Giving back to the earth

Last Monday ten cubic metres of specially formulated compost were delivered to our farm and we spent all weekend distributing it among the vegetable beds. There's a sentence I never would have thought I'd write three years ago. Thoughts like this stop me every now and then as I consider how much my life has changed since meeting Oliver. I was once the quintessential city-girl, loving the London lifestyle of travel, shopping and partying in South Kensington clubs. Oliver has growing in his blood. His father is an environmental scientist and he was brought up in the most incredible edible food garden in Canberra which his parents still tend to diligently. Oliver's very being responds to the seasons whereas I used to barely register their existence (except perhaps to complain about the shortness of winter days in London). It's clear Oliver brings out the best in me, but perhaps this new-found desire to return to a more natural way of life also has something to do with age. I think it's only natural that the older we get the more we begin to search for meaning in our lives. And no matter how wonderful our upbringing was, the desire to provide a better future for our children is strong.

A freshly turned patch of earth holds so many possibilities.

A freshly turned patch of earth holds so many possibilities.

The compost delivery couldn't have arrived on a worse day. This winter has been the wettest in twenty years, or so says our Pilates teacher who is generally considered to be the font of all knowledge regarding our local area. It feels as though it has rained non-stop for two months and the sky was equally as threatening the morning the bulky truck arrived with our delivery of nutrients. We had such high hopes and thought we were organised, but we're learning things don't always go to plan on the farm, sometimes with disheartening results. Put simply, vegetables need nutrients in the soil in order to grow, by consuming them the vegetables supply us with the nutrients we need to remain healthy in return and so it's up to us to replenish the soil to ensure the success of future crops and indeed our own health and wellbeing. It's all about leaving the earth better than we found it for the next cycle and on and on it goes. Industrious farmers that we are, we recently sent a sample of our soil off to a laboratory to be tested and found that while our land was rich in organic matter it was nutrient poor. So, we approached a company that creates compost tailored to the individual requirements of the soil. Genius! We even prepared a special bed close to the driveway and allowed it to go fallow over the winter so the compost could be deposited directly on top ensuring absolutely no nutrients were lost. God laughs at the best laid plans - is that what they say?

Oh, the shame! Oh, the waste! Oh, the mess!

Oh, the shame! Oh, the waste! Oh, the mess!

The truck arrived under a blanket of pregnant clouds and it was as though the driver knew she was doomed even before she began. I explained where we wanted the load dropped and she shook her head ruefully before saying "I just hope I can make it without getting bogged." Superstitious woman that I am I forked a sign behind my back against the jinx but it was no use. As the rain fell in fat drops around me I watched in horror as the huge truck lost control and slipped inexorably towards the delicate herbs and salvias in my cottage garden. The gears clunked and the engine strained as multiple wheels spun, ripping up our grass and angrily spitting red mud at me. I felt for sure the driver would need to call someone to tow her out, but not before nightmare visions crossed my mind of the great truck ploughing into our half-a-century-old cherry tree. Amazingly, the driver made her way back up the driveway in small increments and onto firmer ground. But not before crushing a section of the earthenware pipe that sends our waste water running off to the far side of our property. I don't blame her for this. The deluge of rain over the season has washed away much of the soil protecting the pipe and we hadn't got around to filling it over again. God only knows how we're going to fix it because I don't. Soaked to the bone now and covered in mud I was forced to admit defeat and agree for the compost to be dumped on top of our gravel driveway and then watch as the coming rains drained the powerful nutrients from our pile of good intentions into one of the only parts of our property that we have no intension of using for growing - the drive.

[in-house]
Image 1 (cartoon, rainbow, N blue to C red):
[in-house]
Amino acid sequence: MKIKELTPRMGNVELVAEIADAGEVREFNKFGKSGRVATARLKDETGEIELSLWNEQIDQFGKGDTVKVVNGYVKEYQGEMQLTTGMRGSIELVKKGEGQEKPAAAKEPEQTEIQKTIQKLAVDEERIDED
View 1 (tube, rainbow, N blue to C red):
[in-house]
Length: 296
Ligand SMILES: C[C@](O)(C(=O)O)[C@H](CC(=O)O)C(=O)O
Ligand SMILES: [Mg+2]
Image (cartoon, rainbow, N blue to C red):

Oliver practising safety-first on the farm with hat, earmuffs, gloves, boots and high-vis T-shirt.

Oliver practising safety-first on the farm with hat, earmuffs, gloves, boots and high-vis T-shirt.

Nevertheless, it's not all doom and gloom on the farm. The weather was spectacular on the weekend and we achieved more in two days than we had in two months - or so it felt. The first hint of spring was all around us in the form of birdsong, blossoms bursting and chickens laying. I peeled off my jumper and drank in the sunshine. We were busy, as we always are, but we made time to stop and watch the first bees settle on our flowering azaleas and breathe the scent of jasmine crawling up the side of our house. In the end I was spared the stinky duty of distributing the compost. Oliver was well organised with his tractor fitted with soil-scoop attachment and instead I weeded the lavender and blueberries and topped up their beds with mulch, smiling all the way at Oliver's enthusiasm for the farm. His passion has become mine and we can't wait to taste the results in next seasons's harvest. 

Thank you for reading. To receive email updates when a new post is published please add your details here.   

The bees are back signalling spring is on the way. We couldn't be happier.

The bees are back signalling spring is on the way. We couldn't be happier.